‘The Flame: Mode of Living’ by Bornbazie Flame (August 12th, 2014)

Reposted from LiveJournal:

I was contacted by Bornbazie Flame (real name unknown) to review his book on what is known as The Flame: Mode of Living. I am interested in philosophy, and always willing to read new things, so I agreed. Perhaps I’m simply an ignorant layperson or perhaps I’m merely stupid but I honestly can’t tell you even now what exactly TF:MOL is. Below is my review:

The Flame: Mode of Living by Bornbazie Flame (which can be purchased at http://www.amazon.com/Mode-Of-Living-The-Flame-ebook/dp/B00JI99L0O), was sent to me for review via LinkedIn. (The below image is the front cover of the book, and was never clearly explained):
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I give this book 3 out of 5 stars.

While the idea behind this book was promising – learning to maximize the energy fields of the universe to impact those around you (and, ultimately, yourself), I found it confusing and difficult to get through. Basic principles were introduced with extensive use of scholarly language, but with an absence of clarity and tangible life examples. Specific terms were often used to describe principles or points in a section of the book, but were not in themselves clearly identified or outlined. While reading, I couldn’t shake the feeling that I was still in the introduction and would soon get to the real core of the ideology, which unfortunately never happened. This book left me wanting more, and not in a good way.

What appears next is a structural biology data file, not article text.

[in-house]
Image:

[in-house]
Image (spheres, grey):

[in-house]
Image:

However, the principles themselves were sound, the advice given – especially in regards to being considerate towards other living things – was excellent. I was also fascinated by the idea of other people being mirror images of ourselves.

I think the best addition to this book would be a clearly stated glossary of acronyms and terms, especially when those terms are usually used to mean something completely different in a day-to-day context, as happened with some of the wording I came across. The average reader and seeker would benefit greatly from this, as well as from more of a history of what exactly Mode of Living is, who adopts it, and where it originated from.

All in all, I found the book to be a good effort, with good advice and a lot of potential. It simply needs some tweaking before it can reach its maximum impact.